Hardly a day goes by but what I read about a fentanyl overdose. I’ve also noticed an increased number of news articles about people from the entertainment industry dying unexpectedly. I always assume unexpected deaths among otherwise healthy people are drug related. According to the National Safety Council, more than 67,000 people died of fentanyl overdoses in 2021.
The U.S. Drug Enforcement Agency (DEA) reports many drugs (if not most) bought off the street contain fentanyl.
There is significant risk that illegal drugs have been intentionally contaminated with fentanyl. Because of its potency and low cost, drug dealers have been mixing fentanyl with other drugs including heroin, methamphetamine, and cocaine, increasing the likelihood of a fatal interaction.
Not only are illicit drugs adulterated with fentanyl, many of the supposed prescription drugs, bought off the street, were not made in pristine factories where drugs at your local pharmacy came from. You can buy pill presses on eBay to stamp your own pills. I suspect that someone with connections could even obtain pill stamping dies with the engravings to make counterfeits of FDA-approved drugs. The DEA reports that as little as 2mg of fentanyl can be lethal depending on body size and other variables, saying:
Producing illicit fentanyl is not an exact science. Two milligrams of fentanyl can be lethal depending on a person’s body size, tolerance and past usage. DEA analysis has found counterfeit pills ranging from .02 to 5.1 milligrams (more than twice the lethal dose) of fentanyl per tablet.
- 42% of pills tested for fentanyl contained at least 2 mg of fentanyl, considered a potentially lethal dose.
- Drug trafficking organizations typically distribute fentanyl by the kilogram. One kilogram of fentanyl has the potential to kill 500,000 people.
It is possible for someone to take a pill without knowing it contains fentanyl. It is also possible to take a pill knowing it contains fentanyl, but with no way of knowing if it contains a lethal dose.
Remember the second bullet, one kilo of fentanyl is enough to kill 500,000 people because I plan to come back to that. I’ve often said that drug users seemingly trust unknown drug makers with their lives, while I wouldn’t even trust them to change the oil in my German cars. Consider this: the same street pill sold to the 275-pound male with extensive drug experience is also sold to the 105-pound high school girl who is experimenting with drugs for the first time. Furthermore, I wonder how drug sellers convey a drug’s potency?
Last Friday, September 15, four kids became unresponsive at a daycare in the Bronx, a New York City borough. One child had already been picked up by his mother, while the other three were taken to the emergency room. The three who went to the emergency room were treated with Narcan (Naloxone), the opioid overdose recovery drug. They survived. The one with his mother was later taken to the hospital but was pronounced dead.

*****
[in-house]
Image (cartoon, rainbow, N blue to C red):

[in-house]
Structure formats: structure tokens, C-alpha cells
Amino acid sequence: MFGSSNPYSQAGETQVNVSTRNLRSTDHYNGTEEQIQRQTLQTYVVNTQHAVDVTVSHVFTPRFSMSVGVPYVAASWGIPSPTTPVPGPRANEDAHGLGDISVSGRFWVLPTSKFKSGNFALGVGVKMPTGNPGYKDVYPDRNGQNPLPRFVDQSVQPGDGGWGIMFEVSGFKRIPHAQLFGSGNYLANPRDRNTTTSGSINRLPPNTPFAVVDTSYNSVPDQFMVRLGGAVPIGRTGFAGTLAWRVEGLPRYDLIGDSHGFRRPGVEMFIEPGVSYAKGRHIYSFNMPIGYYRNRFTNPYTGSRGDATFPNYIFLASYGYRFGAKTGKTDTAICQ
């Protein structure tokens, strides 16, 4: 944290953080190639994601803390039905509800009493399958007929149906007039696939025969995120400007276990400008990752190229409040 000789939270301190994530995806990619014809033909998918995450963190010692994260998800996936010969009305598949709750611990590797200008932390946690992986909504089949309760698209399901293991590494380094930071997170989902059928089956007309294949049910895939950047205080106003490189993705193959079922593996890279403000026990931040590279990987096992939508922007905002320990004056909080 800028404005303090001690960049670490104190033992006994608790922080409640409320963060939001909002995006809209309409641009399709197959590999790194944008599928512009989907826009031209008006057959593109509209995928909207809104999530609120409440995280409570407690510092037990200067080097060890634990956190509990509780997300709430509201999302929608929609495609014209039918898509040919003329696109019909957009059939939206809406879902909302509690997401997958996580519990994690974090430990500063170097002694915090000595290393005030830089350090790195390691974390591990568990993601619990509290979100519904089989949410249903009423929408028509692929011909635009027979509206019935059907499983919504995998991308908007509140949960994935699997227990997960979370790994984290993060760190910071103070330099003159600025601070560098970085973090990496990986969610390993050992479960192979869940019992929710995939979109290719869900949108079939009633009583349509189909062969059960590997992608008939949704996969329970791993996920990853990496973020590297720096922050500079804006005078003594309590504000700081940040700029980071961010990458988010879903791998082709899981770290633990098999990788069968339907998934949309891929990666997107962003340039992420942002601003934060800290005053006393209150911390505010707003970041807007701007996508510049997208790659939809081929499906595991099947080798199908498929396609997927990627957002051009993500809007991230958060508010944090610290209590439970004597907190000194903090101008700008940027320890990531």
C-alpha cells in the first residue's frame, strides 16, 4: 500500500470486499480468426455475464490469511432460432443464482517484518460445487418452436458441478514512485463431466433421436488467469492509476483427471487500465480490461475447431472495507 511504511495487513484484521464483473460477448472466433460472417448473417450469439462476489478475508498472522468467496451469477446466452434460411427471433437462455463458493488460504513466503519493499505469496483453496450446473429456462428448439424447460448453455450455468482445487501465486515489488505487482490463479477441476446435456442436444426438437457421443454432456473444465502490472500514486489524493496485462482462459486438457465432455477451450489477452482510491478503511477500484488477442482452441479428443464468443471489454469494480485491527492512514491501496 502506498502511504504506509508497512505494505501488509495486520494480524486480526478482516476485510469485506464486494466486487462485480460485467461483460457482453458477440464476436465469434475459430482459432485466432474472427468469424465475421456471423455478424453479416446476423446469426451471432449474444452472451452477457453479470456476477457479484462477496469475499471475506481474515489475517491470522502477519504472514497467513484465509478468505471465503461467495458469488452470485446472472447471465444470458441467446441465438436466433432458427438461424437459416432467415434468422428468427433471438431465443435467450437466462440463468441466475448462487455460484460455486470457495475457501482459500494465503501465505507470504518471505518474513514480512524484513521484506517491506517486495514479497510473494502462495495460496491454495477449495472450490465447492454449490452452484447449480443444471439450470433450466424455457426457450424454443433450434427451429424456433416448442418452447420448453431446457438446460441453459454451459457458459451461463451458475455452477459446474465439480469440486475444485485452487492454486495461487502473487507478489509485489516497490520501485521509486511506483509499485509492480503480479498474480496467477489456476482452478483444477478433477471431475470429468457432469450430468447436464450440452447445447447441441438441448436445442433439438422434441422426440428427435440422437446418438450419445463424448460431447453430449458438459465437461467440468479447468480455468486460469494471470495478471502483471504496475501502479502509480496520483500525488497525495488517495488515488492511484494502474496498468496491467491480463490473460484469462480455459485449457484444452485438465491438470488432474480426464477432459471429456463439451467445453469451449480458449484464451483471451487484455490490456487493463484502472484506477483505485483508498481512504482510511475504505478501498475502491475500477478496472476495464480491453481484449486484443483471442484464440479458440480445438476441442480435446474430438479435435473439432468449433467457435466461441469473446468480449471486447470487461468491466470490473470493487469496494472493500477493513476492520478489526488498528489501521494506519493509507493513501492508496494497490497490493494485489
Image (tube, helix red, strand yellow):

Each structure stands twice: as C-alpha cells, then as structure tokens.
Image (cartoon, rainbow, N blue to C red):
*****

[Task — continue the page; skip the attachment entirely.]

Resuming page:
According to the New York Post, it was an “open secret” that the Bronx daycare was a front for selling drugs. Purportedly it was a daycare for over a year despite having no children until a few months ago. A neighbor claimed the owner did not even care for her own child at her daycare. According to the New York Post:
When cops raided the place Friday, they found a kilo of fentanyl under mats the kiddies slept on, as well as several kilo presses — devices typically used to combine the drug with either cocaine or heroin — inside the day care.
Remember earlier how the DEA said a kilo is enough fentanyl to kill 500,000 people? Presumably, 500,000 people equates to several million babies. Just the residue was enough to sicken the children. I repeat: the police found a kilo of fentanyl in the daycare and more than one pressing device. An article in USA Today said the daycare owner warned her husband by text message. Another article claimed she called her husband several times before calling 911. He is still at large but he managed to delete 21, 526 text messages dating back to 2021 from an encrypted messaging app on his phone. A news article also said the husband came and retrieved several bags, seen to be weighted down on surveillance video, and left out the back, alley door. What was found by the police was apparently missed in the shuffle. If he left with two or three bags that were weighted down one can only wonder what was more important than the kilo of fentanyl and pill presses he left behind. The three suspects in this case do not strike me as the kind of people I would trust to formulate substances that can kill so easily.